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Copenhagen: If you put it in the hands of leaders…

At the last round of climate talks in Barcelona, I had an interesting conversation with a former negotiator about what the global leaders might do here in Copenhagen. It wasn’t so much a betting game about what they would actually get done as a discussion about how the mere presence of actual decision makers could result in a political phase-change of sorts.

Negotiators are trained to negotiate, and environment ministers handle environmental issues. Typically these talks don’t get beyond environment ministers, but these officials don’t have much to say about things like money (which is one reason why global warming talks are so difficult). Both levels have mandates and tend to focus on the text, but leaders can do anything they want as long as they can sell it back home.

Which is what everybody wanted, but at the same time everybody seemed surprised when the US President Barack Obama emerged from a series of multilateral meetings with a completely new outline that pretty much ignored two years of negotiations. There was uproar and confusion when the deal came down in the Bella Center. Even seasoned diplomats had no idea what to make of it. Anger over the lack of ambition to reduce greenhouse gas emissions flared during the plenary, eventually leading to ugly Holocaust comparisons and one Venezuelan negotiator holding up a bloody hand to signify something that I didn’t quite catch). Nobody appeared to like it, including signatories.

Although to be fair, it must be said that virtually everybody ended up endorsing it as the best path forward. Or perhaps it would be more accurate to say that a bunch of sleep-deprived zombies with blood-shot eyes and two-day socks “took note of” the proposal. What does that mean? Let’s go to United Nations climate chief Yvo de Boer for the answer: “That is a way of recognizing something is there, without directly associating yourself with it.”

And so, we have a deal which the UN climate body has recognized and with which countries can associate themselves if they so choose. The initial deadline for registering pledges, which would presumably be those that are already on the table, is this February. We’ll see. Debate over the significance of the deal will continue for a long time to come (see the New York Times and the Guardian for a current sampling) but one thing is clear: the game has changed.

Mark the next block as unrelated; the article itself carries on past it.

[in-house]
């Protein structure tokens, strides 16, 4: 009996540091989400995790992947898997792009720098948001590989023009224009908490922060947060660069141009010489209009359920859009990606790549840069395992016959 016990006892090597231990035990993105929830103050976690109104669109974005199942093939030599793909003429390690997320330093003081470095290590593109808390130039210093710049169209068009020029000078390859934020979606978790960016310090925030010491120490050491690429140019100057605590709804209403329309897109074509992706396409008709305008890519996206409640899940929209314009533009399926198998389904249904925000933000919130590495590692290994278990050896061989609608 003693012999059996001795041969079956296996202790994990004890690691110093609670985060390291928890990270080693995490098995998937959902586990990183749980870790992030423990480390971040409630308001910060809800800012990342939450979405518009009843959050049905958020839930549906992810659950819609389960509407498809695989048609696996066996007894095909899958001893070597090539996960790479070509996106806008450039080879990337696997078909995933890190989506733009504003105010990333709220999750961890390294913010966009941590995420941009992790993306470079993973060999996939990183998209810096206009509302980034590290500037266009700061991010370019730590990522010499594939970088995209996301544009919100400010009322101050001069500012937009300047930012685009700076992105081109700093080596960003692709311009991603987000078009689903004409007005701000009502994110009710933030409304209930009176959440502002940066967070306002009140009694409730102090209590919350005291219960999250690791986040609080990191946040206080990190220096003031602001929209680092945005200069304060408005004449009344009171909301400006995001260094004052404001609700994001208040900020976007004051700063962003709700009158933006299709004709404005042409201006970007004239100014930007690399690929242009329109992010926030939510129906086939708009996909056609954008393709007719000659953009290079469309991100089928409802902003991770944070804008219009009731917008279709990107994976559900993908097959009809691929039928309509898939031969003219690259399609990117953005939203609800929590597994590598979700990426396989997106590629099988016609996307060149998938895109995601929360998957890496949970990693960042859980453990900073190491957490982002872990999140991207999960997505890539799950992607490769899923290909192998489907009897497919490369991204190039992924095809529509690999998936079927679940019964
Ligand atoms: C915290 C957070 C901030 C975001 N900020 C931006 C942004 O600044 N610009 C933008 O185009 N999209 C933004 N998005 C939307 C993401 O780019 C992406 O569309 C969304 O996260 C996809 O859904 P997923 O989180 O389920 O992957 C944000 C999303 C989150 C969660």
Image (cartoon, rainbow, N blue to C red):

And with that I’ll sign off. Watch out for our coverage in next week’s issue, and beyond.


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    Ramil said:

    To ensure that every nation will reduce their greenhouse gas emissions, leaders need to develop and sign a document that will actually work.Without it all these talks are useless.So far every such a meeting was a failure.I that even without these meeting every country need to reduce it’s emissions.But to do so people have to put in their head that our nature depend on us and we depend on our nature, and start do whatever they can on their own.If every household will go green, the goverments of each country will HAVE to go green as well.

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    Steven Earl Salmony said:

    People are not speaking out loudly and clearly about the colossal threat that is posed to humanity by the skyrocketing growth of human population numbers on Earth.

    Despite the unfortunate, inhumane ways a “ONE CHILD PER FAMILY” policy was implemented in China, the policy could be vital for the future of humankind and life as we know it in our planetary home. The immediate, free, universal and compassionate implementation of a voluntary “one child per family” policy could decisively limit adverse, human-driven impacts on Earth’s body and its environs, and do so more powerfully than any other conceivable human intervention.

    Given the already visible, converging global threats to human wellbeing and environmental health that are presented to the family of humanity in our time, the humane implementation of one child per family could be an indispensible centerpiece of a set of adequately designed, actionable programs that serve to actually rescue a good enough future for the children and coming generations.

    If a root cause of the global threats on humanity’s horizon now is the unbridled growth of absolute global human population numbers, our willful denial of this primary cause could make it extremely difficult, if not impossible, for the children to reasonably address and sensibly overcome these threats. Then the children are likely being directed down a “primrose path” to confront some unimaginable kind of ecological wreckage, the likes of which only Ozymandias has seen. The children will not understand why the catastrophe is occurring. Because their elders refused to acknowledge the best available scientific evidence of human population dynamics and, therewith, adequately “diagnose” the distinctly human-induced global predicament all of us face now, the children will not know what hit them, why it is happening, and what is required of them so as not to commit the same mistakes made by the elders.

    This is only a guess but please note the likelihood that history will not be kind to the woefully inadequate leaders in my not-so-great generation of arrogant, extremely foolish and avaricious elders.

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